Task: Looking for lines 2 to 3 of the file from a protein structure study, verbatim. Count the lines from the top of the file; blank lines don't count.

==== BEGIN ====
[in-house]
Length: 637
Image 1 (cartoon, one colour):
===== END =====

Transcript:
Length: 637
Image 1 (cartoon, one colour):